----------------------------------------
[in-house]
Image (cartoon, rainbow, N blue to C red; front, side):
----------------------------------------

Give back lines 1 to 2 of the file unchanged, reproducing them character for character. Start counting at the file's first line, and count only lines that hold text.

[in-house]
Image (cartoon, rainbow, N blue to C red; front, side):